When you are just starting to learn about networks and how IP addresses work, it can all seem a bit overwhelming, but with a little bit of study you can understand how it all comes together. Today’s SuperUser Q&A post helps a confused reader learn about how IP addresses work for his Wi-Fi network.

Today’s Question & Answer session comes to us courtesy of SuperUser—a subdivision of Stack Exchange, a community-driven grouping of Q&A web sites.

Screenshot courtesy of Linux Screenshots (Flickr).

The Question

SuperUser reader Thomas wants to know if both of the computers in his home have the same IP address:

This question might seem stupid, but I wondered if two computers on the same Wi-Fi network have the same IP address? For example, my dad’s computer and my computer at home.

If so, how does the outside world distinguish one computer from the other (like when a server wants to send some data back to us)?

Do the two computers have the same IP address or not?

The Answer

SuperUser contributors Reaces and Abraxas have the answer for us. First up, Reaces:

Both computers are seen as having the same IP address externally. Your router will relay requests to the originating computer and the procedure used for this is Network address translation.

However, if you were to try to communicating with your father’s computer, you would use your internal addresses. These use a custom range intended for internal use only: private address range.

Followed by the answer from Abraxas:

Here is a very quick outline of how IP addressing works in this situation:

You have your home computer with a network interface (Ethernet port or Wi-Fi card) and each of these have unique MAC addresses which identify them globally.

Network interfaces are given IP addresses by your router/modem/switch/access point. Your access point (AP) is part of or connected to a modem/router/switch which gives the AP an IP. This is how things look so far:

Your Computer (IP) –> Access Point (IP) –> Cable Modem (IP)

Here is an example of what those IP addresses might be like. In the example, the 4th octet (the last number of each set) determines your device’s IP address, the 3 to the left of them determine the devices network. –> –>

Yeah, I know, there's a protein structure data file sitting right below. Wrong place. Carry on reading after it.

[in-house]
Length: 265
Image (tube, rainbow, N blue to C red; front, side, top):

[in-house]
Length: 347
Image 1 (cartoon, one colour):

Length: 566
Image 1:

Essentially, in this example, the modem creates a network called 192.168.1. All devices on the network are given a different x value (1-255), the last digit.

Here is an important distinction. There are 2 types of IPv4 IP addresses, Public and Private. Public IP addresses are the ones you see on the Internet (if you ping google.com you will get a public IP address). Inside of a network you typically have a Private IP address setup (192.168.x.x, 172.x.x.x, and 10.x.x.x) are all IP addresses that do not exist on web servers on the Internet, they are reserved for local networks.

Typically, your home network has a gateway which is something like x.x.x.1 ( or for instance). This means that they are not accessible from the outside world, they are meant to be inside your network.

How do internal network devices get on the internet then?

If you go to Whatismyip.com, you will see an IP address listed that is not your computer, your AP, or your modem/router. This is your Public IP address.

Typically your modem/router has two functions:

  1. Receive an IP address from the outside world and talk to your ISP’s network with that address.
  2. Create an internal network and let them talk through its external interface.

So here, effectively, is what your modem does:

Public IP (Cable Jack) –> [Modem] –> Private Network (IP) –> Ethernet Ports –> [Computers]

The modem bridges the public Internet to your network. requests from your internal network get sent to your modem which forwards them to the Internet. This way only one public IP address is needed for all of your devices to talk to the Internet.

On the Internet side of the modem, you have an IP address assigned by your ISP which is the one Whatismyip.com shows you. This is put ‘on’ the interface of your modem which is attached to your cable/DSL/T1 line. The other side of the modem/router (where you plug in your access point, switch, or computers) is given an IP address that you can configure. The way people are able to have servers visible to the public is that they can tell the modem things like this: “When a request comes to our PUBLIC IP ADDRESS asking for a resource, connect that traffic to INTERNAL IP ADDRESS OF RESOURCE.”

When you send a message your computers, the IP address basically becomes ‘encapsulated’ within various ‘headers’ of your data. Ultimately, the computers seeing your traffic see the external IP address from your modem and not your physical computers internal IP address. More data is sent containing MAC addresses and things like that, but essentially one public IP address can represent an entire network of devices behind it.

More information can be found here: What is an IP address? (Or all over the internet.)

NAT is the process by which your router translates the internal addresses to your public address and your public incoming traffic to the correct internal IP address.

There is a lot more to it, but that should provide the general gist of it.

Have something to add to the explanation? Sound off in the comments. Want to read more answers from other tech-savvy Stack Exchange users? Check out the full discussion thread here.

Akemi Iwaya
Akemi Iwaya has been part of the How-To Geek/LifeSavvy Media team since 2009. She has previously written under the pen name "Asian Angel" and was a Lifehacker intern before joining How-To Geek/LifeSavvy Media. She has been quoted as an authoritative source by ZDNet Worldwide.
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